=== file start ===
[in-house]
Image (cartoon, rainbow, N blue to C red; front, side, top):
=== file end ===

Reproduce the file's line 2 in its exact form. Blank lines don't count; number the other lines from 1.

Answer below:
Image (cartoon, rainbow, N blue to C red; front, side, top):